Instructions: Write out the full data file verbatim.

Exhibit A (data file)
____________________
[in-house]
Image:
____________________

[in-house]
Image: